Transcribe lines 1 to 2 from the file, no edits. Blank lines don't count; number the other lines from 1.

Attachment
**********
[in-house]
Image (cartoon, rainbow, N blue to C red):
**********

[in-house]
Image (cartoon, rainbow, N blue to C red):